Blink, and you might miss 2017’s subtle updates to the Royal Oak Chronograph collection, but to eagle-eyed Audemars Piguet fans, these could be considered significant edits that bring a healthy dose of modernity and maybe just a touch of controversy to the classic spirit of the Swiss watchmaker’s most popular sport watch – and we’re not just referring to the sweet new bi-color ‘panda’ style dials.
All images by Ariel Adams
Let’s back up a bit though to SIHH earlier this year, when AP had not one, but a slew of new additions to the Royal Oak line – including the show-stopping Royal Oak Perpetual Calendar with a full ceramic bracelet. But there was a method to the Royal Oak madness this year, as the Gerald Genta-designed icon happens to be celebrating its 40th anniversary since being first introduced in precious metal, and its 20th anniversary since coming to life in three-register chronograph form in 1997.
In its two decades of service, the Royal Oak chronograph has understandably seen a small number of iterations over the years (most recently back in 2012), but this time around, the edits in question are all about simplifying the dial, boosting contrast and returning to the visual aesthetic that made the Royal Oak Chronograph a winner with fans in the first place. Most notably, this refers to 39mm references dating back to 2008 – at which time, homage was being paid to even earlier vintage Royal Oak references, making these new chronographs almost an homage to an homage, but that’s probably besides the point.
These throwback touches start with the registers which have been slightly edited – most notably the 6 and 9:00 sub-dials which have been enlarged for better legibility. There apparently wasn’t quite enough room on the dial to enlarge all three, so the running seconds sub-dial at 6:00 has been left the same size as before, while losing its Arabic numerals, resulting in a cleaner distinction of information between all three registers.
As we start looking forward to 2018’s SIHH novelties, we thought it high time to take a better look at some of the year’s favorites, including the richly over-the-top 15202, left for the very first time as a modern, non-limited reference completely in 18-carat yellow gold. It is not merely the all-gold case that lends the 15202 relevance though — there are a couple additional (albeit more subtle) visual cues that set this particular reference apart, and might make it more desirable for collectors in the long run. Probably most obvious, is the very simple time plus date-only dial setup, completed from the ‘AP’ logo at 6:00, which pays direct homage to the initial steel 5402 released in 1972. This aesthetic also tips its hat towards the yellowish gold 5402BA Jumbo introduced five decades later — the first time Audemars Piguet rendered the Jumbo inside this precious metal.However, more notable is the depth — the new 15202 steps a hair over 8mm, 0.2mm thicker than the first 5402, and the closest we’ve seen to people pioneering ultra-thin measurements because the 40th Anniversary editions from 2012 — thus the ‘Extra Thin’ naming convention. This new-but-really-old profile, coupled with the eminently wearable 39mm case size truly feels like the sweet spot for your Royal Oak, also has much to do with why this iconic layout was able to become this kind of future-proof classic in the first place.The Jumbo Royal Oak in its most classic arrangement is a wristwatch that historically, with dimensions, should wear tremendously thin. Those searching for a slightly more toned-down aesthetic still rendered in this metal will appreciate the next of the 15202’s two brand new dial variants: a gorgeous blue, and this, given the spate of blue-on-bronze sports watches we’ve seen this season, is as much on-trend, as it’s slightly less ostentatious.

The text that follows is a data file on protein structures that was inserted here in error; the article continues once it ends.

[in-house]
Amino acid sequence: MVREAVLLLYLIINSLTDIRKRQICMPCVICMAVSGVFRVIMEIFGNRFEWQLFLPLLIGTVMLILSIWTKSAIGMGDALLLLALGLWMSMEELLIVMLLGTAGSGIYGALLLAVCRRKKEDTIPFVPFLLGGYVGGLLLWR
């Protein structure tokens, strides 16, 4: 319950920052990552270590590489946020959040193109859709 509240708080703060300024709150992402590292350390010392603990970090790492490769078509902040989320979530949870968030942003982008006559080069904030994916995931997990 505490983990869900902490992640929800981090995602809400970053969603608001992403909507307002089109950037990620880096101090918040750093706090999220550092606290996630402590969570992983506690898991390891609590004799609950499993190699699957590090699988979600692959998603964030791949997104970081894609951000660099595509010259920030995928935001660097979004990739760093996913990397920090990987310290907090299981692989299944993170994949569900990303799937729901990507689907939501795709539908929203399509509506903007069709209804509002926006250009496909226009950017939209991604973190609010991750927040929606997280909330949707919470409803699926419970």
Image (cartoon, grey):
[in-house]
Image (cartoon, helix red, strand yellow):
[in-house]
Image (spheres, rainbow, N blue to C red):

If you’ve already noted the new position of the date window, consider yourself among an extreme minority that noticed its subtle shift closer to the 5:00 index – a forced relocation as a result of the larger 3:00 sub-dial, and a further disruption to the overall symmetry (if the outgoing variant’s date window at 4:30 could ever be called ‘symmetrical’). Thankfully though, it’s subtle at worst, and likely to go unnoticed by all but a few.